The captains are putting together the final touches on the curriculum for the 2014 Junior Mates Program. There are some new twists this year including a special sponsorship from Berkley Fishing. Berkley will be donating quite a few fishing supplies to the junior mates as they progress through the course.
The program runs for several weeks and covers a wealth of material necessary for a mate to learn. The youngsters will learn many facts about fishing and especially how to become a qualified mate. Interested candidates ages 13 and older are welcome to register. Complete information and registrations forms on the Junior Mates Program can be found at the association’s website atwww.BHCFA.com
Blowfish are everywhere, ocean-wise. Beach anglers are picking them up, even on 5/0 hooks. I’m encouraging folks to just keep a few. A fellow I saw targeting them had well over a dozen, proving they can be caught in impactful numbers. Ironically, the fellow mentioned how “full of roe” the blowfish have been. I didn’t say anything. Catch-and-release of “legal” fish is meant to be an option. Plus, 90 percent of all surfcasters release the spawning puffers.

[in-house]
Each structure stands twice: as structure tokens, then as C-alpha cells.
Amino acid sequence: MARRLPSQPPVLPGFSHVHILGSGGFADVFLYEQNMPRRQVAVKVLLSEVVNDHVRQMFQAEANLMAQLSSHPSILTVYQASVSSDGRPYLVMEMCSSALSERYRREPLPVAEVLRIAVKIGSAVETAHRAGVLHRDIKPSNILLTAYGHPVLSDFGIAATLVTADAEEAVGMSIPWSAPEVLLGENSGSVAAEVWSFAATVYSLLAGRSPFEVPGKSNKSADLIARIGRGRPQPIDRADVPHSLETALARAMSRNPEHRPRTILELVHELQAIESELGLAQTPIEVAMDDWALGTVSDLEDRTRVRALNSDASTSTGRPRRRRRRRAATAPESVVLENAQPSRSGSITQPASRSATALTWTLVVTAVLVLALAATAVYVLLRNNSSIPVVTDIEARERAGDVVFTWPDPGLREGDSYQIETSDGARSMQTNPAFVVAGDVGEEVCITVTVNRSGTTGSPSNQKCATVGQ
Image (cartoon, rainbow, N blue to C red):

What does the impressive spring showing of blowfish mean? That remains to be seen. We all recall the near catastrophic overabundance of blowfish back in the 1960s. It was literally impossible to hook anything else but blowfish. Making eco-matters worse, the overpopulated puffers savagely fed on baby flatfish, both fluke and winter flounder. Biologists observed blowfish pecking off the tiny fins of the young flatfish, disabling them for a slow and hideous consuming. Not that we humans didn’t get back at them -- by slicing captured blowfish behind the head and yanking out the tail meat pieces, as the fish were still alive. We’d then throw the still gill-moving fish back in the water, where they would tail-lessly suck in water to breath.
Last summer, there was a phenomenal, just-right showing of blowfish in Barnegat Bay. They were caught by the bucket load by a small but very dedicated group of folks DC and OC channel folks. In fact, a couple of those bay sharpies said it hadn’t been that good since the bad old days -- which even they admitted were a fishing fiasco. Those same baysiders thrive on variety even whan targeting blowfish. It they could only catch puffers they would not be happy water campers. Water campers?